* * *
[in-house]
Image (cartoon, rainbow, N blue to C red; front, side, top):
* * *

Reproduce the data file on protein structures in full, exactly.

[in-house]
Image (cartoon, rainbow, N blue to C red; front, side, top):